Report: Clean energy to meet increase in global electricity demand in next three years

This is based on the IEA’s annual report “Electricity 2024,” providing an analysis of global electricity market developments and policies.

In 2023, global annual growth in electricity demand slightly eased to 2.2% due to reduced consumption in advanced economies. However, the IEA projects a subsequent acceleration, with an average growth rate of 3.4% from 2024 through 2026.

The majority of this surge—about 85%—is anticipated to come from outside advanced economies, notably from China, India and Southeast Asian countries.

Moreover, the report underscores a significant shift towards low-emission electricity sources, including renewables (solar, wind and hydro) and nuclear power. By 2026, these sources are expected to contribute nearly half of the world’s electricity generation, up from just under 40% in 2023.

Renewables are projected to surpass coal, making up more than one-third of total electricity generation by early 2025.

The report suggests that the increase in electricity generation from renewables and nuclear sources is contributing to a structural decline in the power sector’s emissions. Global emissions from electricity generation are expected to decrease by 2.4% in 2024, with further declines anticipated in 2025 and 2026.

IEA’s executive director Fatih Birol said: “The power sector currently produces more CO2 emissions than any other in the world economy, so it’s encouraging that the rapid growth of renewables and a steady expansion of nuclear power are together on course to match all the increase in global electricity demand over the next three years.”

“This is largely thanks to the huge momentum behind renewables, with ever cheaper solar leading the way. While more progress is needed, and fast, these are very promising trends.”

Regional economic performance

In 2023, electricity accounted for 20% of final energy consumption, up from 18% in 2015. While electricity prices generally declined in 2023 compared to 2022, regional variations impacted economic competitiveness.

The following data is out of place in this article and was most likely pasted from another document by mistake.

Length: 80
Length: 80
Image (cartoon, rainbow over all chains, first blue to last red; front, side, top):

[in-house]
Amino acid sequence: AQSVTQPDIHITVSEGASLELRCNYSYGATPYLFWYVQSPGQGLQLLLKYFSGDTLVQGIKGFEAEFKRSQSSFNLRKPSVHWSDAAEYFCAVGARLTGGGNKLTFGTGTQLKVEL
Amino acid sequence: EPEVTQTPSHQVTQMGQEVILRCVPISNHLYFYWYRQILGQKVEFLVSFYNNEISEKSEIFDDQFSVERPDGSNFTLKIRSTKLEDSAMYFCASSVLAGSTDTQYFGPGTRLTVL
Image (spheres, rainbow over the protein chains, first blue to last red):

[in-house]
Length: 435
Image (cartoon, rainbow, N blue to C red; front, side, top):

Europe saw a significant decline in wholesale electricity prices, but the prices remained double pre-Covid-19 levels. In contrast, the US experienced a 15% price increase compared to 2019.

Despite a decline in electricity demand in the EU for the second consecutive year, emerging and developing economies recorded robust growth, driven by increasing populations and industrialisation.

China is expected to lead the global increase in electricity demand, with India experiencing the fastest growth among major economies.

Africa, however, stands out as an outlier in electricity demand trends. While electricity use per capita has surged in India and Southeast Asia, Africa has witnessed effectively stagnant consumption for over three decades.

Dr Birol added: “Electricity use is a key indicator of economic development in any country, and it’s a grim sign that it has flatlined in Africa on a per capita basis for over three decades.

“Access to reliable, affordable and sustainable energy for all citizens is essential for African countries to achieve their economic and climate goals. The international community needs to work together with African governments to enable the urgent progress that is needed.”

Decline in power sector emissions

According to the report, the decoupling of global electricity demand and emissions would be significant, particularly as the energy sector experiences increasing electrification, driven by technologies such as electric vehicles (EVs) and heat pumps.

However, the Global Carbon Project cautioned last year that, despite a major upswing in global renewable energy generation, the failure to tackle fossil fuel consumption has resulted in a rise in global carbon emissions.

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